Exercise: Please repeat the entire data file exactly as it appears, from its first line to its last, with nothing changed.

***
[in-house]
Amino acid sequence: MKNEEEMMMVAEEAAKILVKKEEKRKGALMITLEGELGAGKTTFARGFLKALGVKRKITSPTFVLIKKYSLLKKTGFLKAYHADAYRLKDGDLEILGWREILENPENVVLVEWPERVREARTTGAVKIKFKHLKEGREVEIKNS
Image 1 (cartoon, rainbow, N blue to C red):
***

[in-house]
Amino acid sequence: MKNEEEMMMVAEEAAKILVKKEEKRKGALMITLEGELGAGKTTFARGFLKALGVKRKITSPTFVLIKKYSLLKKTGFLKAYHADAYRLKDGDLEILGWREILENPENVVLVEWPERVREARTTGAVKIKFKHLKEGREVEIKNS
Image 1 (cartoon, rainbow, N blue to C red):